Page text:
WASHINGTON (Reuters) - President Donald Trump said on Friday he had chosen former U.S. Attorney General William Barr to once again lead the Justice Department, a role that would put him in charge of the federal probe into Russian election interference.
If confirmed by the Senate, Barr would take over from Matthew Whitaker, who has been serving in an acting capacity since Trump forced out Jeffrey Sessions a month ago. Whitaker had been Sessions’ chief of staff.
Barr was “my first choice from day one,” and “a terrific man, a terrific person, a brilliant man,” Trump said, speaking to reporters outside the White House.
Barr, a lawyer who was previously attorney general from 1991 to 1993 under the late President George H.W. Bush, has defended Trump’s controversial decision to fire then-FBI Director James Comey in May 2017 when Comey was leading the Russia probe.
After Comey’s firing, Special Counsel Robert Mueller took over that investigation, which includes any possible collusion between Moscow and Trump’s 2016 election campaign, and any potential obstruction of justice. The Russia probe has long infuriated Trump, who calls it a witch hunt and who has denied any collusion or any obstruction of justice.
Barr has said there is more reason to investigate potential wrongdoing by Trump’s campaign opponent, Democrat Hillary Clinton, than there is to probe any potential collusion.
Mueller, a Republican, was appointed by Deputy Attorney General Rod Rosenstein.
Barr has said political donations show Mueller’s team of professional prosecutors tilt uncomfortably to the left. On Twitter, Trump calls them “17 Angry Dems.”
“I would have liked to see him have more balance on this group,” Barr told the Washington Post in July 2017.
As attorney general, Barr would have ultimate responsibility for the Russia probe, unless he recuses himself. Sessions recused himself from overseeing the investigation.
U.S. intelligence agencies have concluded Moscow worked to influence the election and tip it in Trump’s favor. Russia has denied any interference.
Barr’s comments on Mueller and Clinton could stir opposition from Senate Democrats, but the nomination will almost certainly not come up for a vote until next year. Republicans will control the chamber with a 53-47 majority in the new Congress convening in January.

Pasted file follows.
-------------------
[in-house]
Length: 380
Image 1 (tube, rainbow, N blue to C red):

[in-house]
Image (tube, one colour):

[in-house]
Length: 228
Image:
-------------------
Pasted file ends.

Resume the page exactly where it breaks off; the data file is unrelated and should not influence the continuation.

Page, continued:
“I do think he’s worthy of consideration. I am concerned he has said some negative things about the Special Counsel’s office and some of the prosecutors he had in place,” Democratic Senator Amy Klobuchar told MSNBC on Thursday after Barr’s name surfaced.
Klobuchar is a member of the Senate Judiciary Committee, which has jurisdiction over the nomination.
In an opinion piece in the Washington Post last year, Barr argued that Comey usurped the authority of top Justice Department officials when he announced the outcome of an FBI probe into Clinton’s use of a private email server when she was secretary of state, and that Trump was right in firing him.
At the time of Comey’s announcement, both Clinton and Trump were candidates for president. When Trump fired Comey, the initial reason given by the White House was his poor handling of the FBI investigation into Clinton’s emails.
Barr, however, did not attack the Russia probe itself, which he said was being conducted with a thoroughness that appeared lacking in the Clinton email investigation.
“Comey’s removal simply has no relevance to the integrity of the Russian investigation as it moves ahead,” Barr wrote.
Comey said in 2016, after a year-long FBI investigation into the email issue, that while Clinton had been careless in her handling of her emails the agency was not recommending charges. Clinton expressed regret for her decision to use a private server but said she violated no rules.
Barr has expressed sympathy for Trump’s calls to take a second look at whether Clinton may have broken the law, telling the Washington Post in November 2017: “I do think that there are things that should be investigated that haven’t been investigated.”
That same month, he told the New York Times he thought there was more reason to investigate Clinton for any role she may have played in approving a uranium deal when she was secretary of state than any potential collusion between the Trump campaign and Moscow.
“To the extent it is not pursuing these matters, the department is abdicating its responsibility,” he said.
Reporting by Roberta Rampton; Additional reporting by Makini Brice; Writing by Tim Ahmann and Lisa Lambert; Editing by Chizu Nomiyama and Frances Kerry